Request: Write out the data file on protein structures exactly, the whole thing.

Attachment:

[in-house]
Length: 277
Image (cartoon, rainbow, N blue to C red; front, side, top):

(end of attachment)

[in-house]
Length: 277
Image (cartoon, rainbow, N blue to C red; front, side, top):